In the occasional DI tradition of linkbaiting Domaining.com with promises of scantily clad eye candy, I humbly invite male readers to get their goggles around this beauty:
Anyway, there’s a serious point here.
SX Registry, which is in the process of launching the new .sx ccTLD for the recently formed territory of Sint Maarten, distributed this flyer in the goody bags at ICANN 44 in Prague last week.
The marketing was aimed at registrars, presumably, but the company’s web site has similar imagery as well.
It’s pretty clear what angle SX Registry is going for, and it could portend a clash with .sex and .sexy, which have both been proposed by applicants under ICANN’s new gTLD program.
ICM Registry (.sex), Uniregistry (.sexy) and Internet Marketing Solutions Limited (.sex) may have a potential objector on their hands.
The Governmental Advisory Committee has slammed ICANN’s decisions to reject at least three non-Latin ccTLDs because they might pose security risks.
Remarkably, the GAC has also asked ICANN to “urgently reconsider” the rulings, which were made to mitigate the risk of phishing attacks and other types of domain name abuse.
In its official post-Prague communique, published over the weekend, the GAC tells ICANN that the way it decides whether to approve IDN ccTLDs has been “too conservative”.
While the letter does not single out any specific ccTLDs, I understand that the advice was formulated primarily at the behest of the European Union and Greece, which have both had IDN ccTLD applications rejected on the grounds of confusing similarity.
The Prague communique (pdf) states:
The GAC is of the view that decisions may have erred on the too-conservative side, in effect applying a more stringent test of confusability between Latin and non-Latin scripts than when undertaking a side by side comparison of Latin strings.
It goes on to ask ICANN to publish its criteria for evaluating the similarity of IDN ccTLDs, to create an appeals process, to publish its rationales for rejecting bids, and to revisit old decisions.
The communique states, as formal GAC Advice:
Recently refused IDNs, particularly those nominated by public or national authorities should be urgently re-considered in light of the above considerations.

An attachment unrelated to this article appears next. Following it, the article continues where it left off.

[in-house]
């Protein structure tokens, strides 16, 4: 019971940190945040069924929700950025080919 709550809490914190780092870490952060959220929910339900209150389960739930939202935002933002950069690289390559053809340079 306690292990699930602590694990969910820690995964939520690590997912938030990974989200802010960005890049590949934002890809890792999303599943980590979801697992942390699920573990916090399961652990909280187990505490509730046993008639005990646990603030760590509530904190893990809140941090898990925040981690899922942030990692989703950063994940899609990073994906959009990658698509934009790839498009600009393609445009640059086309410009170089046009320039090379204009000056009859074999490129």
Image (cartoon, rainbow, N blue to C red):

This request instantly loses the GAC credibility points, in my view, casting it as little more than another special interest group focused on the goals of its members first and internet security second.
To be clear, the GAC is appealing ICANN decisions that were designed to prevent phishing.
Greece’s application for .ελ,was rejected by ICANN last year due to its visual similarity with .EA, a non-existent – but potential future – ccTLD.
While there’s not much on the public record about the European case, I understand Eurid’s bid for a Greek version of .eu was blocked because it looks too much like Estonia’s EE.
Bulgarian IDN supporters have also been very vocal the last couple of years in opposition to ICANN’s decision to forbid .бг due to its alleged resemblance to Brazil’s .br.
While decent arguments can and have been made that some of these rulings were a little on the silly side, it’s hard to argue that they were made without the best of intentions.
The GAC has promised to write to ICANN with “further reflections on the methodology that should be followed when evaluating two character IDNs”.
The GAC as a technical regulator? That letter should make for some interesting reading.
HSBC, Microsoft, Yahoo and jewelry maker Richemont have told ICANN they plan to form a new GNSO stakeholder group just for single-registrant gTLD registries.
The group would comprise dot-brand registries and — potentially — other types of single-user gTLD manager.
A letter (pdf) to ICANN chair Steve Crocker, signed by executives from the four companies, reads in part:
As a completely new type of contracted party, we do not have a home to represent our unique community. In addition, the existence of conflicts with other contracted parties makes it challenging for us to reside within their stakeholder group.
Combined, the companies have applied for about 30 single-registrant gTLDs, mostly corresponding to brands.